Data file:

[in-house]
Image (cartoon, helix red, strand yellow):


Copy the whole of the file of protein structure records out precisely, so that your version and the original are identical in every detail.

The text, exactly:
[in-house]
Image (cartoon, helix red, strand yellow):